How To Make A Power Chord
A sound that many of us will know well even if we have never played one before, power chords are used excessively in all different genres of music. Although these are most commonly heard on the guitar, specifically the electric guitar, they can also be played on piano using the same combination of notes. To make a power chord you will need your root note of the chord and the 5th above the root note played together. For example; for an A power chord we will need the root note A, and the 5th above which is E played together at the same time. On the guitar this makes a specific shape that we can easily move around the neck in real time to play many different chord progressions. We will play the root note (A) with our 1st finger in the fretting hand, and the 5th above with our 3rd finger. Sometimes we can also add another root note the octave up with our pinky on the same fret as the 5th but the next string up. For example if we were to play an A power chord with three fingers we would have:
A (root note) – 1st finger on the 5th fret of the low E string
E (5th) – 3rd finger on the 7th fret of the A string
A (root octave up) – 4th finger on the 7th fret of the D string.
How To Use A Power Chord
Once you have practised making this power chord shape on an A power chord, try moving the shape up and down the low E string to give a different root note and therefore a different power chord. The shape will stay the same, so we can lock in our fingers to shift the shape around on different places of the neck. The power chord doesn’t have to be played with the root note on the low E string either – it can also be shifted to have the root note on either the A or D string! More commonly power chords are played off of the low E string or the A string, which takes a bit of practice to jump the shape between these two strings. It can also be played with the root note on the D string, although this is a little less common and will require the 4th finger to place the root note the octave up one fret higher than it usually would be if the chord was played off of the low E or A string.
Songs With Power Chords?
Rock music and similar genres/sub-genres is where you are most likely to find power chords played on the guitar, as they have a fairly simple sound since there are only two different notes in the chord and are very effective for the style, especially when played with some distortion! Some well known examples include “Smells Like Teen Spirit” by Nirvana, “American Idiot” by Greenday, and “Hit Me With Your Best Shot” by Pat Benatar. Power chords can also be heard in pop music to give a similar effect.
Some examples where you may have heard the power chord in pop include “Rolling In The Deep” by Adele (listen in the intro!) and “There’s Nothing Holdin’ Me Back” by Shawn Mendes (listen in the chorus – not the guitar riff). An interesting thing about many of the songs listed above is how these power chord progressions look visually on the guitar neck, since they often make a ‘box’ shape from the frets that they are placed on. This is quite a specific guitar approach to using power chords, and no doubt would have contributed to how the songs were composed. Have a play of “Smells Like Teen Spirit” and “American Idiot” to see how these progressions appear on the neck.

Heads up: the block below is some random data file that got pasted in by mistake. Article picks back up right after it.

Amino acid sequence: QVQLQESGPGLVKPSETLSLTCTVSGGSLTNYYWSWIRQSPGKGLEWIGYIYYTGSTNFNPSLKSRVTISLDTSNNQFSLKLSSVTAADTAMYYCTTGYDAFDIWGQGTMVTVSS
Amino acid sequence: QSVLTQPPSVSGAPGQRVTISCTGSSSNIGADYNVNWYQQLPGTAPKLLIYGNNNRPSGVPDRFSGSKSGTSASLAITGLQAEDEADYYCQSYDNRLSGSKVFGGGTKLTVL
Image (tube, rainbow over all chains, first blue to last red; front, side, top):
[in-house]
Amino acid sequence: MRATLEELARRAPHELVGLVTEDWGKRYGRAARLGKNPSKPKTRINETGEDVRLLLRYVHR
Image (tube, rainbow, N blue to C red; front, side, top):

Power Chords Vs. Barre Chords
There’s a lot of debate in the guitar community that power chords are just a poor mans version of the barre chord, which in its simplest form is a major or minor triad typically played across five or six of the guitar strings. If you took away the higher notes of the barre chord and only kept the lower two or three notes, you would have a power chord, which is why people think they are just a simpler version of the barre chord. Although they may be simpler to play and may be more simple in their makeup of only two different notes, this does not mean that you shouldn’t ever play them if you are capable of playing the full barre chord, or you are any less of a guitar player if you are playing power chords.
Power chords and barre chords have two completely different sounds that will serve totally different purposes in a song. Simple barre chords will either be major or minor triads since they contain a third in the chord as well as the regular root and 5th that the power chord has, which colours the sound a certain way. Since the power chord does not contain a third, it is neither major or minor, meaning using all power chords in a chord progression will give more of a blank canvas for the other instruments and vocals to decide on how they want to colour the sound.
This can be extremely useful when the guitar doesn’t want to cloud up too much of the sound of a song, and rather the power chords can cut through and provide a strong rhythmic motif that proves effective whilst not giving too much harmonic data. However if the lineup of the band is much more scarce or perhaps there isn’t a band and a song is to be performed with just vocals and guitar, the power chords may not provide enough harmonic data to fill out the song. This is a good example of where barre chords may have the edge over the power chords and would fulfil their specific purpose.
So in short power chords are a simple but effective two note chord that is easily transferrable to all parts of the guitar neck to give a strong recognisable sound. Using them can be as simple as moving the power chord shape around the neck to see what sounds you can create, giving you endless possibilities of chord progressions and riffs.
Tags: Guitar advice
, Guitar technique
, Guitar tips
, Guitar wisdom